Choice Tracks: 'Strahan Has Corralled the Freaks', 'Picking Up Too Fast'.

52. Matt Mays & El Torpedo-Matt Mays + El Torpedo (2005)
My love for all things Matt Mays can be found here. Unfortunately, I haven't seen him and the boys play in awhile but this album still gets plenty of regular spins in my house.
Choice Tracks: 'Stand Down at Sundown', 'Cocaine Cowgirl'.

53. George Harrison-All Things Must Pass (1970)
The first Beatles solo album is a monster. All those tunes Harrison had stockpiled apparently not 'good enough' for Lennon & McCartney to consider for inclusion on the band's later albums (O.K., 'Thanks for the Pepperoni' is amongst the throw-aways here) but with an all-star band assembled, this album is still a classic.
Choice Tracks: 'Isn't It a Pity', 'Wah-Wah'.

54. Marah-Float Away With the Friday Night Gods (2002)
Marah came out blazing in the late '90's with a pair of fantastic albums culminating with their iconic alt-country sophomore effort, "Kids in Philly". They did a 180 degree turn-around music-wise with this, their next album replacing banjo and harmonica with drum machines and heavy effects laden vocals. Many early fans turned their back on the band but I love this record. Springsteen guests on the opening track but truth be told he is barely audible. If you want the 'pure' version of the album, pick up the 'demos' version released a few years later called "Float Away Deconstructed".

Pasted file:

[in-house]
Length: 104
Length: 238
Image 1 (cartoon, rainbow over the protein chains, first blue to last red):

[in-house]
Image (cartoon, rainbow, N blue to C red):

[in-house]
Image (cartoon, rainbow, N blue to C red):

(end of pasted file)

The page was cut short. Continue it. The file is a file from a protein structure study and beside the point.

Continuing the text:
Choice Tracks: 'Soul', 'Leaving'.

55. Son Volt-Trace (1995)
When you sit outside a sold out concert in the freezing cold with your brother and best friend and Jay asks from the stage for the management to let you in and they don't, you might be bitter. I luckily saw them a couple more times in their original line-up before it became Jay Farrar and Co. Some of my favorite memories were talking to original (and Uncle Tupelo) drummer Mike Heidorn who was always super nice. Early nineties concert going was the best.
Choice Tracks: 'Tear Stained Eye', 'Drown'.

56. Rhett Miller-The Instigator (2002)